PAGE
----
Axel's picture

Looking for flour expertise in China

I am located in China and currently use "Lam Soon" flour from Hong Kong, such us Golden Statue.

I need your expertise in comparison of different types of bread flour from this company. I want to find an optimal flour blend for baguette.

Thank you for your time.

Anonymous's picture
Anonymous (not verified)

How Not to Make a Larrabura Sourdough

I was somewhat concerned with the long fermentation times and moderate to high temperatures in this recipe, but I had time on my hands, so I made the Larrabura Sourdough.

I didn't have a piece of old dough or stiff starter, so I made one with these quantities and let it ferment overnight at room temp.

  • 40 g bread flour
  • 20 g water
  • 20 g white mother starter

I used 45 g of this old dough to make the stiff levain (sponge) and let it ferment for (what I thought to be a ridiculous) 9 hours at 85 F. 

  • 90 g hi-gluten flour
  • 45 g water
  • 45 g stiff starter

I used all of this stiff levain to create the final dough (for 2 loaves) and let it bulk ferment for (what I thought was a really, really, really ridiculous!) 3 hours at (an unbelievable!) 105 F:

  • 1067 g hi-gluten flour
  • 640 g water
  • 21 salt
  • 180 g stiff starter (all of the above)

It was already 11 pm by the time the bulk ferment was done, so I shaped the loaves, put them in linen-lined bannetons, wrapped them tightly in plasti-crap, and (here's the error:) put them in the refrigerator for an overnight retardation at 35 F.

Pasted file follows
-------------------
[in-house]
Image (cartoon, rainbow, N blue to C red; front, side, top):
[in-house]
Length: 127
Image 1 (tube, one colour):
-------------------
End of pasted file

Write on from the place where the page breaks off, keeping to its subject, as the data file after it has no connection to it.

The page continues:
They were just beautiful when I took them out of the refrigerator. They had that certain feeling dough gets when you know it'll hold its shape, score beautifully, and rise perfectly–and they did: They are beautiful loaves with those gorgeous retardation bubbles and all. 

And they tasted of nothing!




I followed the Larrabura process (that Doc.Dough posted) as close as I could (until adding the retardation step) and really believed that a (1) overnight-fermented piece of dough followed by a (2) 9-hour ferment stiff levain at 85 F followed by a (3) 3-hour ferment at 105 F followed by a (4) 7 hour retardation would produce (5) really flavorful sourdough loaf; that it might even be especially sour (not something I particularly like, but it's edible if not paired with anything).

I knew the retardation was pushing things (and was a break with the Larrabura process), but I would have never expected it to result in no flavour at all. After all the fermentation, nothing? No taste?